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Appl. Probab. 25A, 287298] yields a practical scheduling rule for the versatile yet intractable multiarmed restless bandit problem, involving the optimal dynamic priority allocation to multiple stochastic projects, modeled as restless bandits, i.e., binaryaction (active/passive) (semi) Markov decision processes. A growing body of evidence shows that such a rule is nearly optimal in a wide variety of applications, which raises the need to efficiently compute the Whittle index and more general marginal productivity index (MPI) extensions in largescale models. For such a purpose, this paper extends to restless bandits the parametric linear programming (LP) approach deployed 3 in [J. NiñoMora. A ( 2 / 3) n fastpivoting algorithm for the Gittins index and optimal stopping of a Markov chain, INFORMS J. Comp., in press], which yielded a fast Gittinsindex algorithm. Yet the extension is not straightforward, as the MPI is only defined for the limited range of socalled indexable bandits, which motivates the quest for methods to establish indexability. This paper furnishes algorithmic and analytical tools to realize the potential of MPI policies in largescale applications, presenting the following contributions: (i) a complete algorithmic
S (2010) Robust and stochastically weighted multiobjective optimization models and reformulations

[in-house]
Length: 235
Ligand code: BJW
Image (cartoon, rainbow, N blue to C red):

"... We introduce and study a family of models for multiexpert multiobjective/criteria decision making. These models use a concept of weight robustness to generate a risk averse decision. In particular, the multiexpert multicriteria robust weighted sum approach (McRow) introduced in this paper identi ..."
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We introduce and study a family of models for multiexpert multiobjective/criteria decision making. These models use a concept of weight robustness to generate a risk averse decision. In particular, the multiexpert multicriteria robust weighted sum approach (McRow) introduced in this paper identifies a (robust) Pareto optimum decision that minimizes the worst case weighted sum of objectives over a given weight region. The corresponding objective value, called the robustvalue of a decision, is shown to be increasing and concave in the weight set. Compact reformulations of the models with polyhedral and conic descriptions of the weight regions. The McRow model is developed further for stochastic multiexpert multicriteria decision making by allowing ambiguity or randomness in the weight region as well as the objective functions. The properties of the proposed approach is illustrated with a few examples. The usefulness of the stochastic (McRow) model is demonstrated using a disaster planning example and an agriculture revenue management example.